Become a digitalPLUS subscriber. 99¢ for 4 weeks.
News Opinion Readers Respond

Marriage is a right for all, not just some

Robert L. Ehrlich Jr.clearly overlooked one salient fact in his oh-so-reasonable but ultimately bigoted column ("Drawing a line at same-sex marriage," April 15). Gays are not "an influential interest group." Rather, they are people who are demanding the same rights that he and the other opponents of gay marriage take for granted.

The fact that they've never enjoyed this right is not a reason to deny it to them now. Marriage is a legal institution as well as a cultural and religious one, and according to the U.S. Constitution, everyone deserves equal protection and equal rights.

And by the way, how "influential" are gays when (as Mr. Ehrlich notes) 31 states have voted against gay marriage?

Herman Meyer, Baltimore

Copyright © 2014, The Baltimore Sun
Related Content
  • Ehrlich too negative, too partisan
    Ehrlich too negative, too partisan

    Robert L. Ehrlich Jr.'s cocky and aggressive partisanship make it evident why he couldn't govern effectively in Annapolis and was not re-elected for a second term ("Why Obama is viewed as weak," Nov. 30).

  • Obamacare is a 'varsity stinker'
    Obamacare is a 'varsity stinker'

    OK, I can't help myself. Over the past three years, I have written at least a dozen columns critical of Obamacare (a.k.a. The "Affordable Care Act") in this space and devoted an entire chapter to the topic in my book "America: Hope for Change."

  • Ehrlich's 'cult of anti-Obamaism'
    Ehrlich's 'cult of anti-Obamaism'

    Though I am 1960s retread boomer and unrepentant liberal who usually disagrees commentator Robert L. Ehrlich Jr., I read his column regularly. No surprise that he recently panned Obamacare — again — but what I never hear from Republicans is the Plan B, i.e., how we deal with the...

  • What Obama should have said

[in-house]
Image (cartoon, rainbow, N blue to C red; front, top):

What Obama should have said

    Here is what President Barack Obama should have said when he addressed the American people after his party's massive losses in Tuesday's election:

  • American values under Obama
    American values under Obama

    Two columns ago, I passed on a series of political observations from the heartland. Today, a snapshot of American values and viewpoints a decade and a half into the "new" millennium.

  • Hillary all over again
    Hillary all over again

    With the exception of President Barack Obama, Hillary Clinton is the most recognized American politician of this era. Today, she is far and away the Democratic front runner for president. Many believe she is the odds on favorite to win it all — a view supported by a variety of public...

  • Why Obama is viewed as weak
    Why Obama is viewed as weak

    Two recent Presidential pronouncements reflect the essential Barack Obama. Each also explains why so many view him to be the weakest of American presidents.

  • Ehrlich mistaken on tax burden
    Ehrlich mistaken on tax burden

    Robert L. Ehrlich Jr. does not look at the big picture. Is this because he is not interested in giving a fair presentation? In his most recent column (tax bill for government at all levels.

Comments
Loading